I read all the blogs I follow and more, occasionally getting off track and reading new ones. People on many blogs are talking about gardening, raising animals, keeping bees, killing wild animals and fishing in order to feed their family or keep expenses down. At the least, they, like me, have eggs or are planning to get hens. They are grateful for what they can do.
For the last three weeks I have been watching The Waltons. I am on Season 2. John Walton makes similar statements all the time about: catching fish, killing game, raising animals, and how rough it would be if he could not. They have a cow to milk and hens for eggs and eating. They are continually discussing how they are so much better off than people who don't have their advantages. Grandma said she did not know how people in the city managed. They discuss starving people in other places.
The Walton family was incredibly poor, living a hard-scrabble life that is not entirely or even quite borne out by the scripts of the TV series. They count themselves as wealthy in the food arena. Many people on blogs I read have the same ideas and feelings about their incredible good fortune for the opportunity to help feed themselves without always going to the grocery for every bite they need. Of course, some bloggers are straining to reach a certain level of self-sufficiency as far as food and other items they need, canning, sewing, raising a garden, and honing or learning skills that will make them capable of providing for themselves. The Waltons always cook from scratch and make and remake clothing for the large family. Quilts have old clothes and household textiles as their only basis for the pieces in the quilts.
Oh, to have seven children to pick berries for pies and jam! ...lol. Of course, with the family of eleven members, it takes eleven times as much to feed them as it does to feed me. However, their combined agricultural and homemaking efforts produce more than eleven times what I produce.
Everything any one of the Waltons says resonates with me, echoed by bloggers, unknowingly. Watching these very old episodes reinforces what we may be going through in the short future. Some people actually are having the same hardships and level of deprivation that the Waltons experience.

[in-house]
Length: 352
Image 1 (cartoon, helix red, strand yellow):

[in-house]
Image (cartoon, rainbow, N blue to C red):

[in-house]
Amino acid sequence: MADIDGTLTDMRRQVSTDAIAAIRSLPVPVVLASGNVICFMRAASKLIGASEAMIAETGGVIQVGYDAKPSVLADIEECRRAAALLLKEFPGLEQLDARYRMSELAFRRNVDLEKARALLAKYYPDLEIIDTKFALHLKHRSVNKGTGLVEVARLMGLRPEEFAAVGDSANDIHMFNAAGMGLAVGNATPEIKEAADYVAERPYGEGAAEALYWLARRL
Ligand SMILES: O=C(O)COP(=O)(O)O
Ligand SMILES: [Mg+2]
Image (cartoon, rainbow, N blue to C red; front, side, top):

The Walton family through John Boy's stories and narration values the closeness, family cohesion, and love. I know it is sappy, but I wonder if this economy will bring families closer or divide them further. No, I don't think love will conquer hardship.
Working together seems to be the key for the Waltons, along with mutual respect, and, of course, hard work.
And, I am in love with Ralph Waite (the father) all over again! He really does it for me. It is not just his "John Walton" persona. I like him anywhere I find him. Unfortunately, I have never found him in person, not that I have looked.
Have you ever watched The Waltons? Do you see the similarities in the Depression and now? Would you like to emulate the efforts of the Waltons? Even if it meant giving up a few comforts? Remember, in the first episode, John Boy bought his mother, Olivia, a washing machine. We DON"T want to go overboard with the deprivation part. LOL What would be your greatest deprivation that was also their deprivation? Mine would be AC. Oh, yeah, the Internet and computer. They had electricity and an indoor toilet, so you cannot say those or the washer...lol...at least we did not go back another 100 years to determine what we would miss.